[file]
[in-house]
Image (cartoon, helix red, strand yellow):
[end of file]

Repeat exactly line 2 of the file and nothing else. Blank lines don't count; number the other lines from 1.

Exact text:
Image (cartoon, helix red, strand yellow):